Instead...I'm stuck leasing. And it seems like a lot of the lease horses that are available right now all seem to have "issues" of one kind of another.

    I'm trying to figure out whether this situation is fixable. If it is a simple enough fix - I'd prefer to stick with it.

    But if there's nothing I can do - I'd rather walk away before I get hurt.
         
        06-27-2012, 01:01 PM
      #15
    Weanling
    I'm meeting with the owners today - so hopefully, I'll have an update on the situation...
         
        06-27-2012, 06:28 PM
      #16
    Foal
    Good luck talking with the owners hope it goes well. From the sounds of things it might not be a very easy fix especially if its not pai related. I am willing to bet that the majority of her problem is that she was spoiled and under used before and has developed a habit of bucking when she is put to work. You might have a few wild rides before your get her broke from it and I noticed in one of your previous post that you weren't much of a bronc rider (don't worry neither am I). I rode a mare for a guy and when you put her to work she would just buck you off. Got thrown off 5 times in a half hour but I was younger and dumber back in the day. Now I just don't bother because I have to go to work the next day and can't afford to get hurt. Also riding is supposed to be relaxing and fun for me so I much prefer riding my nice safe horse compared to one that has a bunch of issues.

    If it doesn't work out get looking for a new horse while your working with this one and I am sure you will find something.

    Have fun.
         
        06-28-2012, 06:03 PM
      #17
    Weanling
    UPDATE:

    Both the owners (husband and wife) came out to the barn to meet with me in regards to this situation. They initially responded to my complaint about the horse being overdue for the farrier with disbelief - in a kind of 'didn't we just get that done? - kind of way. Looking at her feet, though, it was obvious she was overdue.

    So the good news is that the owners are having the farrier out ASAP.
    Also good - the owners are very appreciative of all the work I've been doing.

    The bad news? I watched the wife give the horse kissee-kissees...and coo all over her...and then it took the two of them to get the horse to pick up its feet...(and even then the horse was not standing nicely) and then the wife scolded the husband when he smacked the horse for pulling its foot away...

    Honestly - it's easy to see where the bad behavior is coming from.

    I think HanginH hit the nail on the head - she's been spoiled and under-used.

    Probably time to walk away....
    Skyseternalangel likes this.
         
        06-28-2012, 06:40 PM
      #18
    Started
    Perhaps you could explain to them that horses appreciate firmness and leadership (and scent care!), much more than cuddles, and educate them? But they should definitely pay you for something like that... tough situation, and there are so many good horses out there that you could be riding.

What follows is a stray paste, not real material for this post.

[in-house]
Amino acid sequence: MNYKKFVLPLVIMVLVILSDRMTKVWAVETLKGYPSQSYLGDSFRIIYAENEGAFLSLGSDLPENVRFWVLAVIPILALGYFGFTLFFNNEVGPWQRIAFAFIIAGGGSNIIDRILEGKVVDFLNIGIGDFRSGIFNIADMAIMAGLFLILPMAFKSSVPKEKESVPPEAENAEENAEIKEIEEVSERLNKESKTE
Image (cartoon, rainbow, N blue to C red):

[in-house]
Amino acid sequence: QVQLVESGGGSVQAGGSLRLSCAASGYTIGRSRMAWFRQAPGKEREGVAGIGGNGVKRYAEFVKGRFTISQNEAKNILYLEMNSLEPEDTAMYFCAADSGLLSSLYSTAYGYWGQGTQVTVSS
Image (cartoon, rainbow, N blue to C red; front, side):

Posted via Mobile Device
         
        06-28-2012, 06:51 PM
      #19
    Yearling
    Quote:
    Originally Posted by EvilHorseOfDoom    
    Perhaps you could explain to them that horses appreciate firmness and leadership (and scent care!), much more than cuddles, and educate them? But they should definitely pay you for something like that... tough situation, and there are so many good horses out there that you could be riding.
    Posted via Mobile Device
    I frickin' love your username.
    EvilHorseOfDoom likes this.
         
        06-28-2012, 07:32 PM
      #20
    Showing
    She is bucking because she has gotten away with it likely before you came along. Let's deal with that planted hoof issue first. Use your lunge line and have the whip handy. If she won't pick the hoof up, chase her out to lunge and look like you plan on killing her. You are asserting your dominance and telling her what to do. Lunge her no more than three circles then ask again for her hoof. She likely won't have made the connection so be prepared to chase her out again. Horses aren't real fond of work and would rather have an easy out so she should make the connection for sure after the 3rd time but it may take a fourth. When you lead her always turn her away from you so that again you dominate her. To turn towards you (to the left) means she's dominating you. When you do groundwork and always do it before you ride. Make her back, turn away, back some more, come forward, etc, keep her feet moving in different directions. When she is pretty good with this and it might take a few days, do the same in the saddle. Bend her head toward your knee on each side. Don't force her but do it so she will soften and relax. Then tip her nose until you can see her eye and push her butt over with leg. She will want to walk forward a bit and that's ok as it helps her step under. Think table with one leg missing. This disengages her hindquarters and it's difficult for a horse to buck if you keep it bent. Rather than ride a straight line, weave back and forth, moving the hindquarters first one way then the other.